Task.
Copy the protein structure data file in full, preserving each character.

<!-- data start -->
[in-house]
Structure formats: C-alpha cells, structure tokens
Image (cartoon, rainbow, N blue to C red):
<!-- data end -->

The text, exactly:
[in-house]
Structure formats: C-alpha cells, structure tokens
Image (cartoon, rainbow, N blue to C red):